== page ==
Jan. 3 (Bloomberg) — Saida Akremi, a Tunisian lawyer, specializes in human rights — including the right to wear the Muslim headscarf that her country’s late founder called an “odious rag.”
In a case that has sent ripples through this North African nation, Akremi won a lawsuit on behalf of a schoolteacher contesting the scarf’s ban in state buildings and schools. The ruling won’t be enforced across the country, the government says, on the grounds that it divides rather than unites.
Tunisia, which became independent from France in 1956, has long presented itself as a European-oriented secular bastion in the Middle East. Its first president, Habib Bourguiba, used the “odious rag” term for the hijab, as the veil is called, because he viewed it as a hindrance to progress.
“For me, people have the right to wear what they want,” Akremi said. She herself has worn the veil since 1995, she said, including in court.
“Tunisia has made the choice in favor of the emancipation of women, and the veil has come to identify an appeal based on sectarianism,” said Bochra Malki, a government spokeswoman.
This view parallels campaigns waged by secular governments across the Middle East. Many leaders — even the monarchy in Morocco, whose King Mohammed VI claims direct descent from the prophet Mohammed — regard the hijab as an Islamic political statement rather than a pious religious accessory.
“The hijab is spreading, and so are Islamic political movements,” said Mohammed Fantar, a professor of Islamic history at Manar University in Tunis. “Some governments feel threatened and think the two go hand-in-hand.” Tunisia is among them, he said.
The Turkish military, self-styled guardians of the country’s lay tradition, tried and failed last summer to block the rise of former Foreign Minister Abdullah Gul to the presidency. The reason: His wife wears a headscarf. Turkey, governed by an Islamic party, is officially secular.
Last year in Morocco, the government removed pictures of a mother and daughter wearing the hijab from a school textbook, on the grounds it is a political symbol, the British Broadcasting Corp. reported.
Jordan’s Queen Rania, on recent visits to Western countries, stressed that the hijab isn’t mandatory under Islam or in Jordan.
In Egypt, Cairo’s Helwan University barred women from wearing veils over their faces on security grounds. Wearing headscarves, once a minority practice, is widespread in Egypt, although last April a court in Cairo upheld a government ban on state-television news presenters wearing them on the air.
Almost all of Tunisia’s 10 million people are Muslim. Bourguiba, who took power after the 1956 independence from France and ruled until 1987, largely removed the scarf from public view.
He banned it from government offices in 1981; the prohibition was later expanded to schools and other public places. Tunisia’s constitution bars political parties based on religion.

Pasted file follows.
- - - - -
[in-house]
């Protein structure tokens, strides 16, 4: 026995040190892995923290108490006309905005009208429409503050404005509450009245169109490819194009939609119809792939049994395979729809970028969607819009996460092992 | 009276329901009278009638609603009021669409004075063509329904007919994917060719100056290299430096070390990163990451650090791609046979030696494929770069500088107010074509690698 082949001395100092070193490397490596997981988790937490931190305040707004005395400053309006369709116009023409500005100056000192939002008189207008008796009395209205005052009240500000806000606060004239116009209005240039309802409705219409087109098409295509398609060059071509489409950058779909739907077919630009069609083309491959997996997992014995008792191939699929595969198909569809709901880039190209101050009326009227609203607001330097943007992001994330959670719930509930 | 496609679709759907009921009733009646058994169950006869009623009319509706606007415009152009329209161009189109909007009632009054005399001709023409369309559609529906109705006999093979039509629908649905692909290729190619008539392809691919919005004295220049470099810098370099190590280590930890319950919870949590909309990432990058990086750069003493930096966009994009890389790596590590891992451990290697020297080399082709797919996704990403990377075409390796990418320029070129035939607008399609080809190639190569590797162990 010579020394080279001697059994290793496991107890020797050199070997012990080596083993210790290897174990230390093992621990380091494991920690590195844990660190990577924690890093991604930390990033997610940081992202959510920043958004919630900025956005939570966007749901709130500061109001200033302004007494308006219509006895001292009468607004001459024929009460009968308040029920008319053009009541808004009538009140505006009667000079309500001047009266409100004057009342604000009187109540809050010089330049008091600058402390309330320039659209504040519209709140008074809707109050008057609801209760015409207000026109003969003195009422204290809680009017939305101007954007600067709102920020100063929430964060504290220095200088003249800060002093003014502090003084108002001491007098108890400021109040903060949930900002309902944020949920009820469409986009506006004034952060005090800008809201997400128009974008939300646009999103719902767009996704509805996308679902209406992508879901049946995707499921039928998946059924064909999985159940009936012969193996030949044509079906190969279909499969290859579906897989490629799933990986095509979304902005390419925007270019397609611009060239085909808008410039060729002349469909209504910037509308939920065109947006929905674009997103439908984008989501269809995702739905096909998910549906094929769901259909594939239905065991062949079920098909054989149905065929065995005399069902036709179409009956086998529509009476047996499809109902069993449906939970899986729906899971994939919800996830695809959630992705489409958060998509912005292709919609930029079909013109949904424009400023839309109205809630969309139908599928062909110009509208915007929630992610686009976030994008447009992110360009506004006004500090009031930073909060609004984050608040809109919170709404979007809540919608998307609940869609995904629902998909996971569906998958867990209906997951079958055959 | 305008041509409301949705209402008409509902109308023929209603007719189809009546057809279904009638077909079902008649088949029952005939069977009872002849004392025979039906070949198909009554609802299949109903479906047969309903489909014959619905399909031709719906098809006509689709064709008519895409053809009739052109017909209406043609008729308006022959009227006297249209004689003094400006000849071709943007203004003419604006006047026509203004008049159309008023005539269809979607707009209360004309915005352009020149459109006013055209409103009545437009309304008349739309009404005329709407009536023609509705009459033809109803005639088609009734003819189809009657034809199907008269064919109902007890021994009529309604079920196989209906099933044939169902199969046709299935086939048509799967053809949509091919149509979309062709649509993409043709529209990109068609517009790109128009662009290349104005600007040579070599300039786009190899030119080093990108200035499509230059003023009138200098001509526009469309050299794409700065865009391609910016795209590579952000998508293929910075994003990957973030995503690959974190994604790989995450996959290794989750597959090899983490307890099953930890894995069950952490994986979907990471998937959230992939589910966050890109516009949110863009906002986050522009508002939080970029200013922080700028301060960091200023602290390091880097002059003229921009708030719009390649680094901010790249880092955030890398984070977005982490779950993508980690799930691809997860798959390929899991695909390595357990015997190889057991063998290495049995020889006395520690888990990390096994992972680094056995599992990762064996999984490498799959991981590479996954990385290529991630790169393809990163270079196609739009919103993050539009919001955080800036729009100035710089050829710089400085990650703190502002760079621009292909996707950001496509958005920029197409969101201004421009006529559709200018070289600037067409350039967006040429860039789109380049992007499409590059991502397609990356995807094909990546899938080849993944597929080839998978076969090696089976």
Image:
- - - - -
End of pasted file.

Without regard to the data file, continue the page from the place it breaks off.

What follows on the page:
In the Tunisian court case, Saeeda Adalah asked to be allowed to wear the headscarf when she taught school. On Oct. 10, a court in Tunis ruled the country’s ban unconstitutional.
Officials quickly asserted that the judgment wouldn’t be applied to daily life. “The decision will make no difference,” said Malki, the government spokeswoman.
Akremi, the lawyer, agreed that the court’s decision would lead to no immediate reversal of the ban; that would have to be decided by parliament.
Scarf in School
“We cannot speak of annulment of the ban, just a court opinion,” she said in a telephone interview. Adalah herself has returned to the classroom and is allowed to wear the veil, Akremi said.
Zine Abidine Ben Ali, Tunisia’s president since Bourguiba’s ouster in 1987, has called the hijab “an imported form of sectarian dress” that “does not fit with Tunisia’s cultural heritage.” At a meeting of the state-dominated National Union of Tunisian Women, officials demanded that women in the audience remove their veils and in some cases, tugged on them, according to a 2006 U.S. State Department human-rights report on Tunisia.
“The authorities stepped up harassment of women wearing the hijab (Islamic headscarf),” Amnesty International, the human-rights group, said in its 2007 report on Tunisia. “Some women were reportedly ordered to remove their hijabs before being allowed into schools, universities or workplaces; and others were forced to remove them in the street,” the report said.
An Oct. 5 conference on religious intolerance underscored government concern over the hijab. The meeting focused on takfir, the practice under which Muslims can accuse other Muslims of having abandoned their religion and who, as a result, can be punished even with death.
The meeting was a show of support for Saloua Charfi, a professor at the Tunis-based Journalism and Information Sciences Institute. Charfi had written articles challenging Islamic dress codes and received threats from preachers that she might be declared takfir. Charfi declined to be interviewed.
Fantar, the historian, backs the government’s stand on headscarves. “They are an import by way of satellite television,” he said. “It’s a menace for all.”
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